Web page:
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A Kid-Friendly KingdomA Kid-Friendly Kingdom

A Kid-Friendly Kingdom

One of Wolterstorff's exhortations in this "word" for seminary graduates is that they work with and care for children. Offering Isaiah 11:6-9 as a text for consideration, he argues that this passage should be a "formative image" for their ministry. A little child shall lie down with and lead wolves, lions, leopards, and play around vipers. "It is your calling to do what you can to be a voice for these voiceless ones. It is your calling to struggle to make the world a place in which their innocent, vulnerable playfulness is appropriate." As I read these words, a resounding "amen" slipped from my lips . . .

Kyle David Bennett
2 minute read

Skimming the table of contents of Nick Wolterstoff's recently published collection of essays entitled Hearing the Call, I found two articles leaping off the page at me: "Letter to a Young Theologian" and "Playing with Snakes: A Word to Seminary Graduates." I'll reserve my reflections to the latter.

One of Wolterstorff's exhortations in this "word" for seminary graduates is that they work with and care for children. Offering Isaiah 11:6-9 as a text for consideration, he argues that this passage should be a "formative image" for their ministry. A little child shall lie down with and lead wolves, lions, leopards, and play around vipers. "It is your calling to do what you can to be a voice for these voiceless ones. It is your calling to struggle to make the world a place in which their innocent, vulnerable playfulness is appropriate." As I read these words, a resounding "amen" slipped from my lips . . .

. . . followed by feelings of delight and terror.

I remember the first time I used a public restroom after I knew I was going to be father. There I was, using the toilet, and I became aware of an object on my right that was never before within my field of experience: a changing table. Parenthood—in more ways than one—changes your perspective. It reorients you. It gives you a new set of eyes, whether you use it or not. I never noticed changing tables in public restrooms before that night. Now I unsuccessfully try to ignore them.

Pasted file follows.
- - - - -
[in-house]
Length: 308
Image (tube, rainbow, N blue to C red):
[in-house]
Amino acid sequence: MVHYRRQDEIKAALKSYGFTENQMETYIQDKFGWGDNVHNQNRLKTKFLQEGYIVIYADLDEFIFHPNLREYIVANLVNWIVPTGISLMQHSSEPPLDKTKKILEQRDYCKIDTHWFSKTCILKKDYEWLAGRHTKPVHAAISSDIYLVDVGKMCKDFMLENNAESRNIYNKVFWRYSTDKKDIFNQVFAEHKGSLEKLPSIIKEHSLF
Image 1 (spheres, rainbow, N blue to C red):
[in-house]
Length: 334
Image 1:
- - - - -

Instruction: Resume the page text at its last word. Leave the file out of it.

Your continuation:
The kingdom of God comes with a new set of eyes, too.

Jesus says that the kingdom of heaven belongs to a child (Matt. 19:14). We should take pause at that. It's figurative, but it's also literal. Jesus invited his disciples to have a heart and a mind like a child (Matt. 18:3), but he also attracted and kept children close by (Mark 10:13, 16). And woe to those who try to keep these little ones away from him (Matt. 18:6)! The kingdom of God revolves around children. In fact, as the apostle Paul makes clear, to become a citizen of this kingdom is to become a child of God (Gal. 3:26).

Being a voice for children is the pastor's calling. Similarly, it's the calling of those combatting human trafficking in organizations like International Justice Mission. But it doesn't end there. It's also our calling—a calling for all citizens of God's kingdom.

As we sculpt, investigate plate tectonics, propose marketing strategies, coach tennis, or sit on city planning committees, we must do what we can do to give voice, space, and time for children. We must do what we can to create, discover, advance, encourage, and plan for them.

If we did, I think our day-to-day activities would be different. The substance of our work would change.

I would like to think that our bathrooms would have more changing tables. Our cities would have more gardens. Our neighborhoods would have more playgrounds. Our buildings would have more colour. Our offices would have more toys. Our books would have more pictures. Our briefcases would have more crayons. Our classrooms would have more free time. Our questions would have more wonder and vulnerability. Our relationships would have more devotion and joy. Our worship would have more recreation and movement.

Rome was built for adults, and it fell. The new Jerusalem is built for children, and it never will. Go. Do what you can to make this city of children flourish. And while you're at it, make sure to play a little.

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